Africa RE has maintained in 2011 its A- Financial Rating with Stable Outlook, both with A.M. Best and Standard & Poor’s, when many world reinsurers were downgraded. This strong and excellent financial rating, obtained since 2003, means that the company represents a very reliable security with a strong balance sheet, a well diversified business, modern and competent management, strong liquidity as well as adequate enterprise risk management system.

Africa Re, the largest reinsurer in Africa and the Middle East with a total premium income of US$ 630 million in 2011, an amount close to Rwf 380 billion, was ranked the 40th company in the Top 40 Reinsurance Groups by Standard & Poor’s (2011).

“With our experience, size and financial rating ranking, we provide security to insurance companies and they are confident to write insurance risk on the primary market because they are assured of being paid back in case of a claim,” Karekezi emphasized. Adding “We give them capacity and capacity which is highly ranked.”

Current figures show that the company is working under a paid-up capital worth US$ 300 million, US$ 480 million of shareholders’ funds and total assets of US$ 1.2 billion. Last year the company recorded US$ 70 million (Rwf 42 billion) profit after tax, based on available management accounts. To strengthen its capital base due to expected rapid growth from its core markets, Africa Re has called in 2010 the 4th Capital Increase to bring its paid-up capital to US$ 300 million and its shareholders funds to US$ 600 million by end of 2012.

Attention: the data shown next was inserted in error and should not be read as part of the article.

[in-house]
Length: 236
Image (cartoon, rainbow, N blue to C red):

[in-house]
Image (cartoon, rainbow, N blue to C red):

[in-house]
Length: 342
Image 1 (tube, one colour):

From its technical reserves and shareholders’ funds, Africa Re has set aside an investment fund currently close to US$ 800 million to pay for claims and that fund is invested in term deposits, liquid financial instruments on stock exchanges, sovereign and corporate bonds and private equity funds which identify projects for investment.

Any insurer within the 41 countries that are members of Africa Re is supposed to give at least 5 % of its treaty reinsurance covers to Africa Re as mandatory reinsurance cessions. However, with time, the size of voluntary reinsurance cessions has risen to reach in 2011 a share of 93% of the company’s total premium income.

Africa Re has presence in eight offices in Nigeria (Lagos) which is the head office, Morocco (Casablanca), Kenya (Nairobi), Ivory Coast (Abidjan), South Africa (Johannesburg), Maurtius (Port Louis), Egypt (Cairo) and the recently opened office in Ethiopia (Addis Ababa).
 In South Africa and in Egypt, its presence is through fully owned subsidiary companies, Africa Re (South Africa) Ltd. since 1995 and Africa Retakaful, a company specialized in Islamic reinsurance and based the Cairo Free Zone, which started operations in 2010. Takaful and Retakaful are insurance and reinsurance models which follow the Quran principles, because traditional insurance is not accepted by the Sharia mainly due to its contractual uncertainty (gharar or gambling).

The leading reinsurance institution targets to open more three offices in the near future in Algeria, Angola and in Ghana. Africa RE opens an office when at least a particular country is able to generate reinsurance premium income worth US$ 10 million and it has been recorded it in Ghana and Algeria. Karekezi added; “For Angola, we have not reached US$ 10 million but the country has a fast growing insurance industry boosted by oil production and one of the fast growing economies in the world. Prospects there are very good.”